Despite the ongoing global economic crisis, the ready-made garment sector witnessed an exponential export growth of 10.27 per cent year-on-year in the last fiscal year, but one of its key segments, sweaters, experienced an increase of only 5.35 per cent during the same period.
According to the Export Promotion Bureau (EPB), in the last fiscal year, Bangladesh earned $5.94 billion through sweater export which was $5.64 billion in FY22. On the other hand, the country earned $46.99 billion in FY23, and the figure was $42.61 billion in FY22.
In FY22, the sweater sector posted a 39.21 per cent year-on-year growth, and it was 12.62 per cent in FY21 when its exports fetched $4.05 billion.
Industry insiders say the export target grappled with significant financial challenges and a notable inflation crisis during the previous fiscal year. Consequently, buyers reduced their orders, resulting in a tangible impact on the overall export figures.
But in this season, buyers are receiving a good number of orders from all traditional (the European Union, UK, Canada, and US are considered as traditional markets) and non-traditional buyers and expecting a significant export jump in FY24.
Brands, having incurred substantial losses in the previous fiscal year due to sluggish sales, are now adjusting their pricing strategies in response. Despite a rise in manufacturing costs, they are opting for lower prices.
In a bid to mitigate losses and maintain buyers’ interests, a significant number of sweater exporters are accepting orders at reduced costs, occasionally even below the breakeven point, they said.
Talking to The Business Post, Rupa Group Managing Director Md Shahidul Islam said, “We went through a difficult time last year. But the current situation is quite good, though the season is also the peak time for sweater manufacturing.”
He added: “The assessment of the sweater sector's performance as favorable largely depends on securing a substantial volume of orders from December to April. This specific period is traditionally regarded as the off-peak season for the sweater industry.”
Southeast Sweaters Managing Director Mahbubur Rahman Lucky said, “In previous years, we faced an order crisis in the winter season as our market was highly dependent on the western bloc. But the situation has improved thanks to the boost in marketing in the non-traditional market.”
Lucky, also Chief Executive Officer of the factory, said that currently they are receiving a good number of orders in the lean and peak season, but the price is tight.
Nowadays, obtaining orders from buyers has become more challenging. In the past, it was a common scenario for brands to create samples and initiate orders with factories, industry insiders said.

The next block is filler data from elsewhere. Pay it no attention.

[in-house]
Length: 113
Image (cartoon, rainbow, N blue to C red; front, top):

As the country is presently engaged in the production of high-value items, manufacturers are now responsible for creating samples and approaching potential buyers. Those with this capability are securing a greater number of orders.
The Chinese exporters continue to hold a significant share in the sweater market, producing high-value goods. However, driven by the ongoing US-China trade tensions and elevated manufacturing expenses, buyers are increasingly considering a shift away from China.
If the country can ensure quality and punctual delivery, brands will opt for Bangladesh. Already a significant portion of buyers already relocated to Bangladesh, industry insiders believed.
Sayem Fashions Director Abrar Hossain Sayem said our existing clientele is submitting fewer orders than our forecasts, yet we are filling our production capacity by partnering with new brands.
Sayem, also President of Bangladesh Apparel Youth Leaders Association (BAYLA) further said, “Many well-known Western buyers, particularly those from the US, are conducting significant business transactions in China. This presents us with ample opportunities to attract their attention.”
He added, “However, it's essential to enhance product quality and introduce innovative items to capture their interest. We've already initiated collaborations with certain new brands. If we manage to bolster our research and development efforts and provide the same facilities that Chinese manufacturers offer – like product innovation and development studios – we can expect buyers to also turn their attention towards Bangladesh.”